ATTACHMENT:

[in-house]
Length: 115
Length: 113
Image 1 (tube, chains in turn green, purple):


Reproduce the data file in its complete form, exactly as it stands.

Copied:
[in-house]
Length: 115
Length: 113
Image 1 (tube, chains in turn green, purple):